I know people who get an external hard drive with automatic backup, and they think themselves prepared.  I ask them if they know how to use it, and they say they use it regularly.  I tell them that it’s fine that they know how to use it when nothing is going wrong, but do they know how to use it when their computer crashes?  Then, when the computer actually crashes, they have no idea how to recover their data, even with it all stored right there on the backup drive.  The disk is boot-able, but they don’t know how to boot from it.  In the end, surprisingly, they seem to “lose” their data just as though they had not safeguarded it.

Get ready.  No, seriously, get ready.  The barn will burn and the animals will roast.  Are you going to be ready for that disaster?  Are you really going to be ready, or are you relying on a false sense of security?  Every land has its natural disasters.  Every person gets to stare into the pit of Hell.  So few are ever ready for it when it comes.

Life is a hobby ranch and we are the ranchers.  Life is a television and we are the viewers.  We do not take it seriously enough to be truly prepared.  We hardly take it seriously enough to be truly entertained.  God, help us, for we gaze upon the blaze with glazed eyes.


The Last Train out of Hinckley

4 11 2009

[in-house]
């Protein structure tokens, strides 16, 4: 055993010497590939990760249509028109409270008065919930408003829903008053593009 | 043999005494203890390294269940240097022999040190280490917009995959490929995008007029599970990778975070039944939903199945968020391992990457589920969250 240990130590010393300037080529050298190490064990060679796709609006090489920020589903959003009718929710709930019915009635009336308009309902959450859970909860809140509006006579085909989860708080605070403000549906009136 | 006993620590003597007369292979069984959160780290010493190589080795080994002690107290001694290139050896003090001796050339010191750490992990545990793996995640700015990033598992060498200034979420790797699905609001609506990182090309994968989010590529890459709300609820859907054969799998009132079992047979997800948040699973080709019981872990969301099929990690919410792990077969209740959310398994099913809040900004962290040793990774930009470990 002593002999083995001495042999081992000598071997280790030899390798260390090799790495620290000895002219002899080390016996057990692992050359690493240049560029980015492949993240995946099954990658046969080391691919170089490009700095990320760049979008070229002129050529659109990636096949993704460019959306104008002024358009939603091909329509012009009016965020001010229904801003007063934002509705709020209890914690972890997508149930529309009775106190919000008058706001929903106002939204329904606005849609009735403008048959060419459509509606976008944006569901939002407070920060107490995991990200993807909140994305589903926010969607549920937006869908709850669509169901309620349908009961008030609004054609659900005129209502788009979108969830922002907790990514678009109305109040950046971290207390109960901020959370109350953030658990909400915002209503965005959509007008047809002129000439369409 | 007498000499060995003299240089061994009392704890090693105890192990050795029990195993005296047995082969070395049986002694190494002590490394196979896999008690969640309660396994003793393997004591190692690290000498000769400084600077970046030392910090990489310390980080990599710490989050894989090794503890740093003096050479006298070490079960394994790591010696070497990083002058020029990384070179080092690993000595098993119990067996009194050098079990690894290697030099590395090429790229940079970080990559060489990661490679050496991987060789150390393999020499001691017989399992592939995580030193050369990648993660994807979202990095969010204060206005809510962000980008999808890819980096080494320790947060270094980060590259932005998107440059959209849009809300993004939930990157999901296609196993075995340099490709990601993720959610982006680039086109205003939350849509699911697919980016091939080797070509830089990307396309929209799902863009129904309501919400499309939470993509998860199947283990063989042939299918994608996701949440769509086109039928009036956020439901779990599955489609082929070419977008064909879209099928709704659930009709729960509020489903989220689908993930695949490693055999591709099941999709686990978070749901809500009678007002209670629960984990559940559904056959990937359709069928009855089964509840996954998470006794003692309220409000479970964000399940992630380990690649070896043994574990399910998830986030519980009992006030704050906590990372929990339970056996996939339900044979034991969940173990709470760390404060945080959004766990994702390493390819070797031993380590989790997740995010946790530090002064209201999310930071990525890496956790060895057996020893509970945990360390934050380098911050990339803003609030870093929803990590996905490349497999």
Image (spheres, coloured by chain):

Sometimes the church is like a burning train, running full speed in reverse.

The last train to arrive in Hinckley found it already veiled in smoke.  The previous train was boarded by the most nervous of the town’s residents.  That train, the second to last, escaped by tooth and nail, racing in and out of forest fires all the way to Duluth.  In that stretch, it had to cross six burning bridges.  The engineers examined the first five of them to make sure they could still hold the train.  When they reached the sixth, they knew that it was too far gone to hold them, but there was no turning back by this point.  Instead of stopping, they increased the speed and raced across it at full speed, arriving at the other side just in time to see it crumble.

That was the second to last train.  The last train was at least twenty minutes after that one.  The engineer of that train had heard by telegraph that the fire lines had been broken.  The firefighters were in full retreat.  As it chugged to a stop, masses of people swarmed it to board.  Over three hundred people got on, and more were coming, but the engineer could not wait for the entire town.  The fire was bearing down fast.  He pulled the bell rope to signal the train’s departure, and on the third pull, the rope came free in his hand, severed by fire.  He ran down the line and pulled another bell, and the train began to move.  The very last passengers to board were a mother and a couple of kids.

The train could not advance forward because of the fire, so it rumbled back the way it came.  People from the town began running after it for their lives.  The full force of the inferno hit as the train left the town.  Fireballs blasted through buildings, knocking down walls, exposing their interiors like doll houses.  Over the line, a final telegraph was received by the train, sent by the poor telegraph operator who remained at the station.  “I have stayed too long,” it said, and he stumbled out to the tracks toward the departing train and fell flat on his face, dead.